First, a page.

Teaching and learning strategies and methods also focus on workplace skills and professionalism. All students undertake and reflect on observations in the workplace and weekly tasks and reflective exercises support increased knowledge and understanding. Observations, action research, work-related tasks and the use of development planning tools support the growth of practitioners’ professional competence. 

The development of transferable skills in presenting evidence, arguments and points of view to a range of audiences, through a range of media, including the use of ICT also supports individual learning.

Learning outcomes

On successful completion of this module students will be able to:
1. Describe, analyse and constructively critique the major research methodologies used in the field of Early Childhood Studies
2. Apply ethics in relation to research
3. Understand a range of research methods e.g. how to design a questionnaire, and be able to articulate when to use them
4. Be able to critique existing research in the early childhood field

Assessment strategy

Students will demonstrate that they have met the learning outcomes through the submission of one piece of work at the end of the module. This will be a research project proposal that incorporates a rationale, abridged literature review based on two academic journal articles that relate to the students proposed research question, methodology section along with a brief discussion of ethics that relate to their research question that the students chosen.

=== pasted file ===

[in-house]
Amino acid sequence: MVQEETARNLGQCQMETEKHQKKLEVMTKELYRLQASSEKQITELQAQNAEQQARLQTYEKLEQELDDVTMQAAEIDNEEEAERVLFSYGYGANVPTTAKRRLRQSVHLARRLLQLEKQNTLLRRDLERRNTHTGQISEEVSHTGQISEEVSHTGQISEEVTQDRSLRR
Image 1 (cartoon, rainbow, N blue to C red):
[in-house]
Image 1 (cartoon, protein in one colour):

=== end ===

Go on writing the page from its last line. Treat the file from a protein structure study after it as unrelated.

Students will have formative assessment opportunities throughout the module through in class / on-line discussions and written tutor feedback on one submitted practice tasks which involves critical discussion of two journal articles. Students will also be encouraged to access on-line self assessment, quizzes and short answer questions.

All students for both taught and distance learning modes will be invited to attend a face to face tutorial to discuss their summative assessment in advance of submission deadlines and to receive detailed formative feedback.  Where a personal meeting is not possible, (for example, students living abroad and studying in distance learning mode) this will take place by telephone or e-mail.  Students will receive detailed formative written feedback following these tutorials.
All students will receive written feedback against all learning outcomes following the publication of marks. This will be the most comprehensive in cases of failure, where this will support learning for reassessment.


Bell, J. (2010) Doing Your Research Project: A Guide for the First-Time Researchers in Education and Social Science (5th editiion), Maidenhead: OUP E book
Christensen, P. & James, A. (Eds) (2008) Research With Children: Perspectives and Practices, London: Falmer Press E book
Denscombe, M (2010) The Good Research Guide (4th edition) Maidenhead: OUP. (NB the 2007 edition is an E book)
Greig, A. & Taylor, J., Mackay, T. (2007) Doing Research With Children (2nd edition), London: Sage
Mukherji, P., Albon, D. (2010) Research Methods in Early Childhood, London: Sage
Roberts-Holmes, G. (2005) Doing Your Early Years Research Project, London, Sage.

Websites (British Educational Research Association) and search for their ethical guidelines used in educational research. (Jean McNiff’s website on action research)

Borg S. (2001) The Research Journal: a Tool for Promoting and Understanding, Language Teaching Research, Vol. 5, No. 2, pp. 156-177